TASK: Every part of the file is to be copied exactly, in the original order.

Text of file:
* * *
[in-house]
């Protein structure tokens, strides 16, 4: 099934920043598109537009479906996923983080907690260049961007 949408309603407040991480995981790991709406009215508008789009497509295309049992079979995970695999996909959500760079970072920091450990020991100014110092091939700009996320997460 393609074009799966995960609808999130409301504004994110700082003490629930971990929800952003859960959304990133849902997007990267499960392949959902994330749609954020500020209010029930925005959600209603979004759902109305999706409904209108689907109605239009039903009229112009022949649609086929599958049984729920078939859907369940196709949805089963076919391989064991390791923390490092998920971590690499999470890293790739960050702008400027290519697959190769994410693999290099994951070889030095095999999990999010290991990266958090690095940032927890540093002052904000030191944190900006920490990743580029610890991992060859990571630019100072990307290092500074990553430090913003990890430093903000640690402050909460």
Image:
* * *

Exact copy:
[in-house]
């Protein structure tokens, strides 16, 4: 099934920043598109537009479906996923983080907690260049961007 949408309603407040991480995981790991709406009215508008789009497509295309049992079979995970695999996909959500760079970072920091450990020991100014110092091939700009996320997460 393609074009799966995960609808999130409301504004994110700082003490629930971990929800952003859960959304990133849902997007990267499960392949959902994330749609954020500020209010029930925005959600209603979004759902109305999706409904209108689907109605239009039903009229112009022949649609086929599958049984729920078939859907369940196709949805089963076919391989064991390791923390490092998920971590690499999470890293790739960050702008400027290519697959190769994410693999290099994951070889030095095999999990999010290991990266958090690095940032927890540093002052904000030191944190900006920490990743580029610890991992060859990571630019100072990307290092500074990553430090913003990890430093903000640690402050909460």
Image: